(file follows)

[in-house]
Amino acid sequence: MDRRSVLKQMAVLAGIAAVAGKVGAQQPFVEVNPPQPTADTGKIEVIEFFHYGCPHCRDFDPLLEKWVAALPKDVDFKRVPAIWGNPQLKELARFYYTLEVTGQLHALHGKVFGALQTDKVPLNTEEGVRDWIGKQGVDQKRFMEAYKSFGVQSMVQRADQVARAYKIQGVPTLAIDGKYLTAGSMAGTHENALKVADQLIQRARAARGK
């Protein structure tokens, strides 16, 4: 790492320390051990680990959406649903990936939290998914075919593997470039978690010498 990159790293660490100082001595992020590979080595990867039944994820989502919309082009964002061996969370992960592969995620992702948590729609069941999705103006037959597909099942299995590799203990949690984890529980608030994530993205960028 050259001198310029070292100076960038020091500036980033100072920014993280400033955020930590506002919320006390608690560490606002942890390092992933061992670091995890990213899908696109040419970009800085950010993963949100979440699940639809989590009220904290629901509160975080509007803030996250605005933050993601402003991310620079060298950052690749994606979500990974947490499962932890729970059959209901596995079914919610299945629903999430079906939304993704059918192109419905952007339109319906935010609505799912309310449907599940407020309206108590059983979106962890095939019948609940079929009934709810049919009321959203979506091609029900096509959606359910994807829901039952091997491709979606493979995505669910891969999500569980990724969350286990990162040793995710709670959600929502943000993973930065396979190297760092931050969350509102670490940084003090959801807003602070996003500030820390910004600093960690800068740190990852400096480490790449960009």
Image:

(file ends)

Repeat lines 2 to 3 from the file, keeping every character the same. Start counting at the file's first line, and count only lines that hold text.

Amino acid sequence: MDRRSVLKQMAVLAGIAAVAGKVGAQQPFVEVNPPQPTADTGKIEVIEFFHYGCPHCRDFDPLLEKWVAALPKDVDFKRVPAIWGNPQLKELARFYYTLEVTGQLHALHGKVFGALQTDKVPLNTEEGVRDWIGKQGVDQKRFMEAYKSFGVQSMVQRADQVARAYKIQGVPTLAIDGKYLTAGSMAGTHENALKVADQLIQRARAARGK
């Protein structure tokens, strides 16, 4: 790492320390051990680990959406649903990936939290998914075919593997470039978690010498 990159790293660490100082001595992020590979080595990867039944994820989502919309082009964002061996969370992960592969995620992702948590729609069941999705103006037959597909099942299995590799203990949690984890529980608030994530993205960028 050259001198310029070292100076960038020091500036980033100072920014993280400033955020930590506002919320006390608690560490606002942890390092992933061992670091995890990213899908696109040419970009800085950010993963949100979440699940639809989590009220904290629901509160975080509007803030996250605005933050993601402003991310620079060298950052690749994606979500990974947490499962932890729970059959209901596995079914919610299945629903999430079906939304993704059918192109419905952007339109319906935010609505799912309310449907599940407020309206108590059983979106962890095939019948609940079929009934709810049919009321959203979506091609029900096509959606359910994807829901039952091997491709979606493979995505669910891969999500569980990724969350286990990162040793995710709670959600929502943000993973930065396979190297760092931050969350509102670490940084003090959801807003602070996003500030820390910004600093960690800068740190990852400096480490790449960009």